Autonomous vessels will change shipping industry

Autonomous vessels will change shipping industry
After Tesla and Google’s self-driving cars, robotic ships will eventually steam out of laboratories into the real world.

Researchers at Delft University of Technology (TU Delft) are developing unmanned robotic ships that will change today’s shipping industry, reports with reference to RoboHub.

“Imagine what will happen if you save cost and time on one of the biggest sectors in the world”, says Vittorio Garofano of the faculty of Mechanical, Maritime and Materials Engineering (3mE) at Delft University of Technology.

The benefits are clear: cost reduction, reduced emissions, increased safety and increased cargo capacity.

Besides, people won’t lose their jobs over this development, as by 2025 a shortage of approximately 150,000 maritime officers is expected.

But there are a lot of challenges that must be met before the captain can leave the bridge and the algorithms take control. For example, which technologies are needed so that autonomous ships can function hundreds of kilometres from shore? How can robotic ships be made as safe as conventional ships? How should they interact with each other and how do you make sure that the power and propulsion systems work properly when nobody’s on board?

These are some of the key challenges that the research of Delft University of Technology focusses on. Several algorithms have been developed to ensure a safe and robust operation, explained PhD student Ali Haseltalab during a colloquium on autonomous vessels last week.

“With an adaptive control algorithm, which learns the dynamics of the propeller, you can control the ship perfectly”, Haseltalab told.

This mathematics is put to the test at a 3mE-laboratory, which consists of two giant water tanks with QR-codes on the sides. To study the dynamical behaviour of autonomous vessels, researchers built 3 prototypes: The Grey Seabax, the Amphibian and the Delfa-1. The Grey Seabax is a remote-controlled vessel or RCV – the first essential step towards a fully autonomous ship.

One of the things Garofano and his colleagues are working on is a robust communication infrastructure. The Grey Seabax recognises QR-codes and will be able to respond accordingly. These binary markers can be used for several purposes: they could represent a waypoint, a traffic redirection signal or a building ashore.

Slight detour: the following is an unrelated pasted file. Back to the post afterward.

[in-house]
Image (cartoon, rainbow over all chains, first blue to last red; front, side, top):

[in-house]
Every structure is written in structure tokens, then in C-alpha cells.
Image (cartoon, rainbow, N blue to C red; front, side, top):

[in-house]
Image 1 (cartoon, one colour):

The computer lies at the heart of robotic ships. To enhance safety, it is important that the central computer hands over as much as control to intelligent sensors and actuators. With the Amphibian and Delfia-1, research is being done on the shift from centralised to distributed control.

“If something fails, the system continues”, Garofano says. “That increases the survivability.”

With the Amphibian being a hovercraft, new transportation routes can be explored. But the vessel is still very difficult to control, tells Garofano.

“GPS offers an accuracy of metres, but we need millimetres.”

The first robotic ships will be used for surveillance, maritime litter collection, patrolling and inspection, says associate professor Rudy Negenborn.

“They can be used for monitoring water quality, to make sure that nobody can dump chemicals into the ocean unnoticed.”

Negenborn thinks that the big container shipping corporations will be the last to switch to robotic ships. They will first appear on the rivers.

Rolls Royce predicts that it will test a fully autonomous, unmanned ocean-going ship by 2035.

All researchers agree that, in the end, safety will be one of the biggest advantages of robotic ships. Nowadays, at least 70 percent of all incidents at sea are caused by human error. Autonomous shipping will lead to a drastic reduction of the number of incidents and casualties.

“Robots will ensure consistency of operations”, explains Haseltalab. “Autonomous systems will always be there. They don’t get tired.”

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